Tourmaline is a wonderful gem because of the many lively colored it comes in and its relatively durable nature. Normal tourmaline gems are found in a lovely selection of green, yellow, pink, red and blue. In most of its colors Tourmaline is also an affordable gem but when a vivid almost electric blue-green variety was discovered in Brazil in the 1980s, it rapidly captured the attention of gem lovers worldwide and shattered all the top known prices for tourmalines and eventually even exceeded fine sapphire and ruby prices! This new color was called Paraiba after the region of Brazil in which it was discovered.

I think that the main reason it shot to fame and acceptance was its intense and highly sensual color that is truly exotic among gemstones. Many colors can be appreciated and enjoyed, and even loved, but the best Paraiba Tourmaline colors elicit a reaction that is often dramatic and intense because of its captivating colors. Some of the things it has been compared to in color is the most beautiful intense blue water in the Caribbean, the most beautiful neon blue and the most vibrant colors on a peacock’s feathers! Paraiba Tourmalines almost seem to throb with live color, emitting an electric glow even without being well lit.

I love the colors of Paraiba Tourmalines as they remind me of the most beautiful and tranquil beaches in the world and the tropical beauty that surrounds them. It is a color range that brings harmony between excitement and calm in a very satisfying way. There are not very many things in nature that exhibit this color, and when you see it, it is usually reserved for rare highlights in rare gems or exotic birds, fish and uncommon insects. Paraiba Tourmaline is not only beautiful and rare but in its larger sizes, has been a good investment as it prices have continued to rise.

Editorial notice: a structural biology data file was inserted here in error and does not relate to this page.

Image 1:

Many people are seeking alternatives to the diamond as the center stone for their engagement whether in an effort to stand out, have a more ethically sourced gem, or because of a love of color. Tourmaline can be used for engagement rings, but if so, should be set in such a way as provides extra protection as it is moderately hard, a 7-7.5 on the Mohs scale. If you really want to stand out from the crowd, a Paraiba Tourmaline engagement ring is an amazing way to do it! Just be ready to take her to the beach for your honeymoon! Receiving a Paraiba Tourmaline engagement ring would be quite a special event and would be a unique way to start out your engagement journey. Way to stand out from the crowd! Paraiba Tourmaline is also often purchased for an anniversary or birthday, or just for the love of the color. Many gem collectors and jewelry aficionados search far and wide for the Paraiba Tourmaline and have enjoyed its meteoric rise into couture jewelry.